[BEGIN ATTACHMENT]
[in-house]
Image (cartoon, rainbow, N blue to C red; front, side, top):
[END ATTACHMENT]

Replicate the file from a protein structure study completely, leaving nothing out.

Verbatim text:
[in-house]
Image (cartoon, rainbow, N blue to C red; front, side, top):